Cruel Intentions

The fourth film and the second modern-dress version to use Choderlos De Laclos' notorious 1782 novel as its inspiration, Roger Kumble's Cruel Intentions is Dangerous Liaisons for the teenage crowd. Nasty, profane and wickedly entertaining for the most part, pic is quite a faithful rendition of the scandalous novel, last adapted to the big screen in Stephen Frears' 1988 Oscar-winning film and Milos Forman's 1989 box-office flop, Valmont.

Fulfilling the promise he showed in 54, Ryan Phillippe gives a star-making performance as a sexier, more seductive Valmont than either John Malkovich or Colin Firth in the earlier versions. This black comedy also benefits from a terrific turn by TV's Buffy the Vampire Splayer Sarah Michelle Gellar, who's as manipulative and mean-spirited as Glenn Close was. Though hampered by an excessively literal and moralistic tone in the last reel, with the right marketing, Columbia could score with a youth movie that's decidedly different from all the teen flicks currently dominating the market.

There's no doubt that scripter Kumble has targeted his new adaptation towards today's society for the changes from the original book reflect demographics as well as trendiness, with a black thesp, Sean Patrick Thomas, playing Cecile's music instructor (Keanu Reeves in the 1988 version) and gay characters (played by Joshua Jackson and Eric Mabius) in major roles. It's probably a coincidence, but Swoosie Kurtz is the only actress to appear in two film versions: as Cecile's mother in Frears' film (here played by a splendid Christine Baranski), and as Valmont's psychiatrist in the new one.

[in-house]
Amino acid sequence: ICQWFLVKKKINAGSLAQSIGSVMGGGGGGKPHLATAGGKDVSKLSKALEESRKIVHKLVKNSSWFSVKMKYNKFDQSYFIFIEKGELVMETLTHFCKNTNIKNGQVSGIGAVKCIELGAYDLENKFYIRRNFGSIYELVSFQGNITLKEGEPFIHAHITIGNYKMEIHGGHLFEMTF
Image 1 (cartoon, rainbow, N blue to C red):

The yarn is onto a good start with a sharply observed therapy session, in which a cold, cynical shrink, Dr. Greenbaum (Kurtz) tells Sebastian Valmont (Philippe), “adolescence is hard, you're too hard on yourself.” It becomes clear from the start that more than actions, words are the lethal weapons in this milieu. For a studio movie, Cruel Intentions's lingo is full of double entendres and graphic too in its description of anatomy and sexual conduct.

Set in Manhattan's upper crust society during summer break, tale revolves around Kathryn Merteuil (Gellar) and Sebastian Valmont, two wealthy brats and step-siblings, who spend their time conspiring diabolical wagers. With seduction and sexual conquest as chief rewards, the duo select as their new pawns a naive adolescent, Cecile (Selma Blair in the Uma Thurman part), and the virginal Annette Hargrove (Reese Witherspoon), whose character reps the most drastic deviation from the other film versions.

Dumped by her beau for the innocent Cecile, Kathryn decides to get even, challenging Sebastian to deflowering the girl. The point is to turn Cecile into a insatiable tramp and then deliver her to her prospective spouse as damaged good. Having slept with all the girls he desired, Sebastian is at first reluctant: the challenge is not big enough. However, under pressure and with sexual promises for the future, he finally obliges, though still dismisses the conquest as too easy.